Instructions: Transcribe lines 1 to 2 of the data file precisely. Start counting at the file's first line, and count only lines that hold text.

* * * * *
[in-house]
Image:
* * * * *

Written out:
[in-house]
Image: